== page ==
University supports commissioning of portrait of Distinguished Honorary Fellow to commemorate 90th birthday
LEICESTER, 13-Oct-2016 — /EuropaWire/ — A stunning new portrait of University of Leicester honorary graduate and Distinguished Honorary Fellow Sir David Attenborough at Leicester’s New Walk Museum has been revealed by the man himself.
The painting was commissioned to commemorate Sir David’s 90th birthday, and was produced from a series of private sittings earlier this year between Sir David and the distinguished portrait artist Bryan Organ – who is also an honorary graduate of the University.
Sir David revealed the portrait at New Walk Museum and Art Gallery last month at an event attended by President and Vice-Chancellor Professor Paul Boyle and Director of Development and Alumni Relations Bill Friar.
Chris Shaw, from the University’s Development and Alumni Relations Office, said: “We were absolutely delighted to be asked to contribute towards this landmark painting of Sir David. I think the end result is quite splendid and really showcases the spirit of this iconic man. It is wonderful that Sir David continues to be actively involved with the University of Leicester, for that we are most grateful.”
The work, which is believed to be the only solo portrait for which Sir David has agreed to sit, is an acknowledgement of his childhood connections to New Walk Museum.
As a teenager, Sir David was a volunteer at the museum, and along with his brother Richard, the late Lord Attenborough, grew up in College House in the University of Leicester when their father Frederick was principal there.
Lord Attenborough went on to international fame as an actor and director, while Sir David became one of the world’s best renowned naturalists and broadcasters in a career spanning more than 60 years.
The new portrait will complement an existing portrait of Lord Attenborough, also painted by Bryan Organ in 1986, which hangs in New Walk Museum. Lord Attenborough was also a honorary graduate and Distinguished Honorary Fellow of the University and Patron of the Attenborough Arts Centre.
Organ’s other acclaimed works include portraits of Prince Charles, former Prime Minister Harold Macmillan and 2003 Rugby World Cup winning England captain Martin Johnson.
Leicester City Mayor Peter Soulsby said: “Sir David has connections with the city going back to his childhood, and New Walk Museum was key in forming his early fascination with the natural world.
“It is an enormous honour for the city for him to come to the museum to unveil this wonderful new portrait, which is a very fitting way to celebrate both his 90th birthday and his history with Leicester.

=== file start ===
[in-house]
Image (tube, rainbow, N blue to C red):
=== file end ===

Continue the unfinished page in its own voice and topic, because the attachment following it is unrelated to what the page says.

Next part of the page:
“The museum is of course already home both to one of the world’s largest collections of Picasso ceramics, bequeathed to the city by Sir David’s late brother Lord Attenborough, and Bryan Organ’s breath-taking 1986 portrait.
“Sir David’s portrait will now have pride of place as a permanent exhibit alongside Lord Attenborough’s portrait.
“It is a truly fitting way to commemorate these two exceptional brothers, who have become adopted sons of Leicester and retained connections to the city throughout their lives.”
The portrait was commissioned by the City of Leicester Museums Trust (COLMT) charity, on behalf of the city council’s museums and represents a ‘people’s portrait’.
COLMT is a charity founded in 1930, which buys items of historic, scientific and artistic interest for the city’s museum collection, using funds raised through money placed in donation boxes across the city’s five museum sites, as well as other donations.
COLMT chairman Jim Roberts, of the School of Museum Studies, added: “In the past, we have reacted to offers of items for purchase, using the money donated by museum visitors, but to be able to actually commission a new work of art was an exciting prospect.
“It was remarkable to have the opportunity to discuss the process of creating a portrait with the artist and to watch the painting develop. I am grateful to Bryan Organ for involving us in the process from start to finish – a rare privilege!
“We are delighted that Leicester Museums, on behalf of the people of Leicester, will now hold this important painting of a man whose connection with the city, its museums and its university, is almost legendary.”
The portrait was unveiled at a private event at New Walk Museum’s Victorian Gallery. Earlier in the day, Sir David opened a new visitor centre at Bradgate Park.
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SOURCE: University of Leicester